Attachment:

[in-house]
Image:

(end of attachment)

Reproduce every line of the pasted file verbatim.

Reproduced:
[in-house]
Image: